• Baron Blood

    Released by: Kino
    Released on: December 11, 2012.
    Director: Mario Bava
    Cast: Elke Sommer, Antonio Cantafora, Joseph Cotton
    Year: 1972
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    The Movie:

    BARON BLOOD belongs firmly in the middle of Mario Bava's Gothic filmography. Not quite as startling as BLACK SUNDAY or as avant-garde as LISA AND THE DEVIL it is nonetheless a gripping and fun yarn with a classic setting and excellent casting. Peter Kleist (Antonio Cantafora) has come to Austria to visit his uncle. The purpose of Peter's trip is to learn about an ancestor and he has come to see Uncle Karl who may have some information regarding the elusive Baron Otto Von Kleist. Shortly after his arrival, Peter meets lovely Eva (Elke Sommer from LISA AND THE DEVIL), a student. The two of them soon develop a mutual attraction and begin investigating the past of the shadowy Baron who was known and feared as a very evil man with rumored supernatural powers.

    The pair travel to the late Baron's castle where they find an ancient parchment which, when read aloud, can resurrect the evil Baron. Foolishly, they do this... and the fun really gets started. Seems the rotting Baron has some scores to settle and a pressing need for bloodshed. As the bodies of local handymen and other assorted locals start piling up in increasingly gruesome numbers our heroes must hatch a plan to stop him. To further complicate matters, the castle's new owner shows up (legendary Joseph Cotten of CITIZEN KANE). He seems nice enough, but, well, you never know.

    Drenched in fogbound atmosphere and garish colors that pop like a comic book BARON BLOOD is a great example of the candy-colored Bava "look" that marked films like HERCULES IN THE HAUNTED WORLD and DANGER: DIABOLIK. It's not as mean-spirited as RABID DOGS or BAY OF BLOOD but the kills are stylish and laced with black humor. Note the nod to the infamous Vlad The Impaler (the original model for Dracula) in a couple of very nasty murders. Bava takes great pains to make BARON BLOOD both a stylish "modern" film with its attention to the Austrian youth culture of the time but cleverly juxtaposes that with the overtly Gothic castle setting. The film's internal logic is pretty poor but the strength of the imagery carries the day. Bava often worked with either half-finished or confusing scripts and had to rely on his enormous gifts as a visual artist to make his films work as entertainment. That is very much the case here and the pacing of the killings and shocks is almost perfect. Bava seems to know that the audience has only so much patience for extended exposition. Performances are fine for the most part with pro Cotten being a standout.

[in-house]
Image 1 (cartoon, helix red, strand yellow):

Kino once again, much like with LISA AND THE DEVIL, delivers a solid transfer. While their work on BLACK SUNDAY was mildly disappointing, BARON BLOOD's AVC 1080p HD 1.78.1 transfer has a strong color palette with a lot of pop to the image. Sharpening, denoising and other digital manipulations are not present and the image has a very strong film like appearance. You will notice the occasional speck or scratch mark but the print used was in overall excellent shape. It is important to note the opening credits are in significantly rougher shape than the rest of the film however. As for the audio, it is a English LPCM 2.0 Mono track that is unremarkable in its efficiency. Dialog is clear, balance is good and the score sounds robust for a mono track. There are no subs or alternate audio tracks.

    For extras, we get two alternate sequences in Italian for both the opening and closing of the film that are of purely academic interest. We also get a fantastic Tim Lucas audio commentary. Anyone familiar with a previous Lucas Bava commentary track will know what they are going to get: an exhaustive history lesson on the film that never bores. He is especially knowledgeable about the physical craft involved in BARON BLOOD. Essential. Finally, we get some Kino/Bava trailers and BARON BLOOD radio promos.

    The Final Word:

    For Bava fans and those with a taste for Gothic charm and kitschy Austrian 70's youth culture or just lovers of a good classy but bloody horror film, BARON BLOOD is a winner. Not Bava's best but in his upper canon, BARON BLOOD is recommended. Kino has done another professional HD presentation and there are no complaints - it is worth picking up.